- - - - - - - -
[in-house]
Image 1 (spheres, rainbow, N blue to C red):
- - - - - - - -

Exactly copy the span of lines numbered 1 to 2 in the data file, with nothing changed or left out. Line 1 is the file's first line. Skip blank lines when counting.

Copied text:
[in-house]
Image 1 (spheres, rainbow, N blue to C red):